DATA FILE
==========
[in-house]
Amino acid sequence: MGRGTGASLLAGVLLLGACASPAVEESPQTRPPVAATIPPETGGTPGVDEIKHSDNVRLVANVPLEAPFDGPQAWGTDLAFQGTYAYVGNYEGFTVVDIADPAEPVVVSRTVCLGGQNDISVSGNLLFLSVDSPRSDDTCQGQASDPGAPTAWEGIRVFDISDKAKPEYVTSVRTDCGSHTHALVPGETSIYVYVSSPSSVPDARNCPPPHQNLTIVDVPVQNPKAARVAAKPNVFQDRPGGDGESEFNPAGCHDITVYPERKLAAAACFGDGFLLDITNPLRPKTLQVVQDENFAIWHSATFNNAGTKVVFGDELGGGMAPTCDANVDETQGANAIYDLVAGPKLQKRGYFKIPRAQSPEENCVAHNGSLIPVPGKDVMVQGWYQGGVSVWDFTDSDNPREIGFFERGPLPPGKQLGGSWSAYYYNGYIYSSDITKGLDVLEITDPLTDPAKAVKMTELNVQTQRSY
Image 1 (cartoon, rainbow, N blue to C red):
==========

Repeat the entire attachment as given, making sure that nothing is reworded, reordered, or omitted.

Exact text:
[in-house]
Amino acid sequence: MGRGTGASLLAGVLLLGACASPAVEESPQTRPPVAATIPPETGGTPGVDEIKHSDNVRLVANVPLEAPFDGPQAWGTDLAFQGTYAYVGNYEGFTVVDIADPAEPVVVSRTVCLGGQNDISVSGNLLFLSVDSPRSDDTCQGQASDPGAPTAWEGIRVFDISDKAKPEYVTSVRTDCGSHTHALVPGETSIYVYVSSPSSVPDARNCPPPHQNLTIVDVPVQNPKAARVAAKPNVFQDRPGGDGESEFNPAGCHDITVYPERKLAAAACFGDGFLLDITNPLRPKTLQVVQDENFAIWHSATFNNAGTKVVFGDELGGGMAPTCDANVDETQGANAIYDLVAGPKLQKRGYFKIPRAQSPEENCVAHNGSLIPVPGKDVMVQGWYQGGVSVWDFTDSDNPREIGFFERGPLPPGKQLGGSWSAYYYNGYIYSSDITKGLDVLEITDPLTDPAKAVKMTELNVQTQRSY
Image 1 (cartoon, rainbow, N blue to C red):